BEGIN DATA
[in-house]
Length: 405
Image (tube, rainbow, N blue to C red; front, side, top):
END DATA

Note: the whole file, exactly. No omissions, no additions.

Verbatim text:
[in-house]
Length: 405
Image (tube, rainbow, N blue to C red; front, side, top):